You do not have to let a pre-existing medical condition stop you from traveling. Many people with a similar situation are still able to take up travel insurance. However, you need to know how to apply for travel insurance properly, or you could end up forfeiting your insurance premiums.
This article provides useful tips on how to minimize the risk of losing out on your travel insurance premiums just because you didn’t know you have to disclose your medical condition at the time of purchase.
First, you need to understand what constitutes a pre-existing medical condition. If you have an illness or injury that has been ongoing within a specified time frame prior to applying for travel insurance, you have a pre-existing medical condition. The time period varies from insurer to insurer, and could range from months to even years for different conditions, so you’ll need to do some homework.
Any medical condition must be declared when applying for travel insurance. Read the pre-existing medical conditions exclusion of the insurance plan very carefully. The most common exclusions are for medical problems such as asthma, diabetes, cardiovascular problems (including hypertension), cerebrovascular problems (strokes and brain haemorrhages) and cancer.
If you travel with your family, make sure that every family member is insured. The pre-existing medical conditions of every family member insured should be declared separately.
Be sure to declare on your application form if
- you are on regular medications for cholesterol, diabetes and high blood pressure
- you are under review for any medical complication regardless of whether treatment or medication has been started or not
- you have had any tests recently and have not yet received the all clear
- you have been involved in any accident in the past twelve months
- you have sustained injuries in the past twelve months
Pregnant women should be aware that most travel insurance plans do not cover claims made during the last few weeks of pregnancy and directly after birth.
Online application forms for medical travel insurance may not offer a comprehensive-enough checklist of questions. If you are in doubt as to whether you need to declare a medical condition, call or email the insurer to check. If you choose to call your insurer, be sure to note down the name of the staff who handled your enquiry. Any written response from the insurer should be properly filed in case you need it for reference later.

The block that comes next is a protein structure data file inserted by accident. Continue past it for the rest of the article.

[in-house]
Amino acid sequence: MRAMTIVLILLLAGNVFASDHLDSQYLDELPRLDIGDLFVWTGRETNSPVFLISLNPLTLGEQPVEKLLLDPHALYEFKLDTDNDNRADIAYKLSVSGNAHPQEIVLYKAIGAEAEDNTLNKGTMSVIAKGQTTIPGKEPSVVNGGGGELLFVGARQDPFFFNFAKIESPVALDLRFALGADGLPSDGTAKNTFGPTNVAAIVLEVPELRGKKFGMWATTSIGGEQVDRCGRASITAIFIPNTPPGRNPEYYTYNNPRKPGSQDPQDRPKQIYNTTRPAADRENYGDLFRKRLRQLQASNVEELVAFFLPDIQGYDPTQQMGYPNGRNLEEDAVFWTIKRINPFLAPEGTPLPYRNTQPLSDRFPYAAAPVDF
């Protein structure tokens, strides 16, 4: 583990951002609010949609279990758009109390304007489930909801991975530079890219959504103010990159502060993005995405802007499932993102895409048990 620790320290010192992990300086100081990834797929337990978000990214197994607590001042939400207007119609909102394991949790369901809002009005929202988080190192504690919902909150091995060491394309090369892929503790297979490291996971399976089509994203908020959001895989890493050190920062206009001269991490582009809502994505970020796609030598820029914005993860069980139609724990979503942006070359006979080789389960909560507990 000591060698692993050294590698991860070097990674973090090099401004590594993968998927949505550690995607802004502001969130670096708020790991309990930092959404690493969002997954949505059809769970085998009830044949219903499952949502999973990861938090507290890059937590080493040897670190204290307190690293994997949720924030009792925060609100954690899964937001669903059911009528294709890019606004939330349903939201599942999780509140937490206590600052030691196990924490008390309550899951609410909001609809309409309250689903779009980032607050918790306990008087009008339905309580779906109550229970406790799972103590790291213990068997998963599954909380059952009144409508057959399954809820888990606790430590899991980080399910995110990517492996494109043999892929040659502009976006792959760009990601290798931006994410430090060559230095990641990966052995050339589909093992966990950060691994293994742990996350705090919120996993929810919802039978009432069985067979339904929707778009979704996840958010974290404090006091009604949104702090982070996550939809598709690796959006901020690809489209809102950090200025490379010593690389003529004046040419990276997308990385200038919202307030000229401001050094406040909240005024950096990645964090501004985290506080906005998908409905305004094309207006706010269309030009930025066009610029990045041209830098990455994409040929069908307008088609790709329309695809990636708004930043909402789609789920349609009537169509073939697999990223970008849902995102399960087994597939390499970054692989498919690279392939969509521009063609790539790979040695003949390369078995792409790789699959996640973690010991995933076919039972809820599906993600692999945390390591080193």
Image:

If you have had a medical condition before which has been fully controlled with medication without the need for further treatment throughout the time period, it may not require extra cover. Just get your doctor to write a letter, with his or her contact details to certify it. This will allow your insurer to get in touch with your doctor in case more information is required. This could avoid any unnecessary exclusion and save you a significant amount of insurance premium.
Buy your travel insurance directly from the insurance company, not from your tour operator. If the tour operator goes under, so does your policy. Ensure that you are medically fit to travel.
Finally, remember to apply for your travel cover at least three to four weeks before your trip. This will give you sufficient time to clarify any doubts that you may have concerning your pre-existing medical condition, and obtain the necessary supporting documentation from your doctors.
When you buy travel insurance for pre-existing medical condition, you are likely to face one of these three outcomes:
1) the insurance company accepts your application in full, but at a significantly higher premium
2) the insurance company will provide travel cover excluding your pre-existing medical condition
3) the insurance company will decline your application
Unless the insurance company completely declines your application, it is always best to make sure you are insured when traveling, even if the cover excludes your pre-existing medical condition, or additional premium is required.
This is because medical expenses incurred could easily spiral to more than ten thousand, or even more than a hundred thousand dollars, depending on the situation. Paying an insurance premium will give you the much-needed peace of mind when you travel.